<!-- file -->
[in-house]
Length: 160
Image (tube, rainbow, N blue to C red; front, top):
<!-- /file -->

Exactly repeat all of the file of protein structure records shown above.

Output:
[in-house]
Length: 160
Image (tube, rainbow, N blue to C red; front, top):